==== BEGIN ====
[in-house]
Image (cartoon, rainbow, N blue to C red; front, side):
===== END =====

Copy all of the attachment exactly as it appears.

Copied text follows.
[in-house]
Image (cartoon, rainbow, N blue to C red; front, side):